The term 'floppy baby' refers to neonatal hypotonia, which is a reduced resistance to passive movement. These babies can present with head lag, truncal instability, feeding and breathing difficulties, or they may just 'feel' different from other babies when handled.
They can present significant diagnostic and therapeutic challenges.
There are several important manoeuvres which help you assess a baby's tone (illustrated):
Approaching a floppy baby can feel very intimidating, as there are literally thousands of differential diagnoses and potential investigations. However, it is possible to take a straightforward and logical approach. The key is to decide whether the cause is general (systemic), central or peripheral.
Any baby that is generally unwell, for example with sepsis or heart failure, can become hypotonic. Physiological hypotonia is seen in premature babies. General causes should be easily identified from the history. It is the central (neurological) and peripheral (neuromuscular) causes which often lead to confusion. The easiest way to differentiate between these is by asking yourself:
Is the baby weak?
In central causes the baby will not be weak. They have upper motor neuron signs, with truncal hypotonia, but normal strength peripherally, and normal antigravity movements of the limbs. There may be peripheral hypertonia, brisk reflexes, and clonus. There may be other signs of central nervous system dysfunction including seizures, microcephaly and reduced visual interaction.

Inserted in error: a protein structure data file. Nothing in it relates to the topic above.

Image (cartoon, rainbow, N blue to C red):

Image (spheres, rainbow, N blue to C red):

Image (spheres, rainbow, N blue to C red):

In peripheral causes the baby will be weak. They will have lower motor neuron signs, be globally hypotonic, with loss of antigravity movements of the limbs. Reflexes are reduced or absent. These babies are often cognitively normal, so tend to appear alert and visually interactive.
Central nervous system problems are the cause of the majority (60-80%) of cases of neonatal hypotonia. Specific diagnoses to be considered include:
Peripheral causes are detailed in the 'neuromuscular disorders' section of the fastbleep paediatric notes.
A summary of the key findings in central and peripheral causes, along with some common examples is given in the table below.
With the above approach in mind, you can now confidently gather information in a directed way.
Progress since delivery
Perform a full examination (as you would for a '1st day check'), particularly looking for:
Focus your investigations according to whether have found signs of a central or peripheral disorder in the history and examination. There is an almost limitless number of tests available, but those with the highest yield are shown in the table. Expert advice should be sought before performing any additional tests.
Specific treatment will vary depending on the underlying cause. Supportive management is usually necessary, and a holistic approach should be taken.
The prognosis is also dependant on the underlying diagnosis. However, many of these conditions have a poor prognosis with no specific therapies available. Genetic counselling is important, to aid parents in planning future pregnancies.
Dubowitz V. The floppy infant. JB Lippincott Company, Philadelphia 1980
Forsyth R, Newton R. Oxford Specialist Handbook in Paediatric Neurology. Oxford University Press, Oxford 2007
Photographs and tables by the author
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